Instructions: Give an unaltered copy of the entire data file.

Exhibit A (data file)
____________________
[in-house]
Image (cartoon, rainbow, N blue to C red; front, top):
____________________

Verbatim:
[in-house]
Image (cartoon, rainbow, N blue to C red; front, top):